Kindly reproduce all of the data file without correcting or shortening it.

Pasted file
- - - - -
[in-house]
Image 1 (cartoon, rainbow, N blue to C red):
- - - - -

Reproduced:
[in-house]
Image 1 (cartoon, rainbow, N blue to C red):